Lies, damn lies and GL_MAX_TEXTURE_UNITS

Warning: this post contains much bitching, only some of which is substantiated, and much of which probably only applies to Intel integrated graphics

So, I guess you could probably point out that I’m being a bit melodramatic and that, essentially, anybody who tries to do much in the way of multitexturing using integrated graphics gets what they deserve.

However, you may find it useful to know that, despite OpenGL telling you that you have 48 texture units available, don’t, under any circumstances, try to actually use all of them. In fact, you’re playing fast-and-loose if you even try to use some. It might seem logical to you, as an OpenGL novice, to write your code so that each texture unit is only used in one of your shaders and is reserved for a particular texture function; say, I have a shader for drawing grass, to I bind my grass texture to GL_TEXTURE23, set my sampler uniform to use that texture unit, and call it a day.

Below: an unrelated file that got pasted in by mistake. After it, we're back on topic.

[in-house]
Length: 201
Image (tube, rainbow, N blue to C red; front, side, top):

Don’t do that.

In my testing, again on pretty limited integrated hardware, I halved my drawing time by using a total of less than 8 texture units and binding textures as required. This includes the fact that I use GL_TEXTURE0 both for a material’s main texture in the first pass, and for doing post-processing on the entire framebuffer in a later pass.

In short – “fewer texture units used” trumps “fewer texture binds” every time, when using limited hardware.

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